New religious movements in the Pacific Northwest

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New religious movements in the Pacific Northwest region of the United States have a history going back to the 19th century.


Although the Pacific Northwest is often listed as the least churched part of the United States,[1][2] some researchers have found the region to be strong in the "secular but spiritual" category.[3] Sociologist Mark Shibley has identified several modes of expression of those who identify as "secular but spiritual" in the Pacific Northwest, including New Age, earth-based and pagan practices, and nature religion. Shibley notes daily practice of nature religion in environmentalism, deep ecology and wilderness preservation, and finds the dominant dimension of Pacific Northwest life to be how the people relate to the landscape.[4] Other academics have found "episodic public life in ethically charged matters" to be a characteristic of Northwestern religious sensibility.[5]

Religious expression in the Pacific Northwest has been called, unlike most of the United States, "never ... a 'Christian culture' ...[but] a diverse marketplace of spiritualties including varieties of New Age, neo-paganism, Gaia worship, channeling, metaphysics, holistic health, earth-based spiritualties, Nordic spiritualties, Wicca, meditation centres, astrologers, and westernized forms of Buddhism and yoga."[6]

Movements founded in the Northwest[edit]

New religious movements founded in the region include:


People who don't express any religious affiliation, called "nones" by experts like Elizabeth Drescher,[9] make up a larger percentage of the population in the Northwest more than in any other part of the United States.[10] Drescher, a professor at Santa Clara University's Department of Religious Studies, calls the entire Pacific Northwest a "none zone".[9] Susanna Morrill, a scholar of religion at Lewis & Clark College in Portland, called some Northwesterners' expression "experiencing the natural world in a way that feels supernatural".[11] If counted as a religious group, the "nones" in the Northwest would outnumber the next largest group, Roman Catholics, by more than two to one.[12]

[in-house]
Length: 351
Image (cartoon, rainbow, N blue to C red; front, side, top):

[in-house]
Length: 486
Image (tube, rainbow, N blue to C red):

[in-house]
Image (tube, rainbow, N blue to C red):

See also[edit]


  1. ^ "Religion and Public Life in the Pacific Northwest". Archived from the original on 2011-05-11. Retrieved 2011-02-19. 
  2. ^ "Charting the unchurched in America". USA Today. March 7, 2002. Retrieved May 20, 2010. 
  3. ^ Knute Berger (November 20, 2008), "Is Northwest nature worship neurological?", Crosscut 
  4. ^ Couch, Larson Caesar, Maier, Norlie, Rosenberg, Wagner, Wilson (2009), Secular but Spiritual in the Pacific Northwest (PDF), Luther House (Lutheran Campus Ministry at Oregon State University) 
  5. ^ Barry Alexander Kosmin, Ariela Keysar (2007), Secularism & Secularity: Contemporary International Perspectives, Hartford, Conn.: Trinity College Institute for the Study of Secularism in Society and Culture, ISBN 9780979481604 
  6. ^ A postcard from the Pacific Northwest–What does the future hold for secularism in the West? Matthew Kaemingk, Fall 2014 Comment magazine
  7. ^ a b c d e f g h i Seth Goodkind (June 2, 2015), "Predators & Prophets: A Comic History of Pacific Northwest Cults—Spiritually-motivated bioterrorism at Taco Time, 35 thousand year old Lemurian warrior gods in Yelm, LSD-fueled Queen Anne hippie cults, and much more.", Seattle Weekly 
  8. ^ Johnson, Jessica (2018), "Setting and fieldwork: Mark Driscoll and the Mars Hill Church", Biblical Porn: Affect, Labor, and Pastor Mark Driscoll's Evangelical Empire, Duke University Press, ISBN 978-0-8223-7136-6 
  9. ^ a b Elizabeth Drescher (2016), Choosing Our Religion: The Spiritual Lives of America's Nones, Oxford University Press, p. 18, ISBN 9780199341221 
  10. ^ Matthew Kaemingk (October 25, 2013), "Pacific Northwest Religion: Doing It Different, Doing It Alone Part I (An interview with a scholar of Cascadian spirituality and religion)", Christ and Cascadia 
  11. ^ Melissa Binder (August 14, 2015), "Where the religious 'nones' roam: Does nature religion explain Pacific Northwest spirituality?", The Oregonian 
  12. ^ Mark Shibley (2004), "Secular but Spiritual in the Pacific Northwest", Religion and Public Life in the Pacific Northwest: The None Zone, by Patricia O'Connell Killen; Mark Shibley; Dale Soden; James Wellman; Lance Laird, Patricia O'Connell Killen and Mark Silk, eds., AltaMira, p. 140, ISBN 978-0-7591-0624-6 

Further reading[edit]

  • Todd, Douglas, ed. (2008), Cascadia: The Elusive Utopia: Exploring the Spirit of the Pacific Northwest, Ronsdale Press, ISBN 9781553800606, OCLC 879869870